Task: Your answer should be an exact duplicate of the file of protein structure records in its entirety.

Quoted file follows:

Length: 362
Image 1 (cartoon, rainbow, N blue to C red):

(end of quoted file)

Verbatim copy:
Length: 362
Image 1 (cartoon, rainbow, N blue to C red):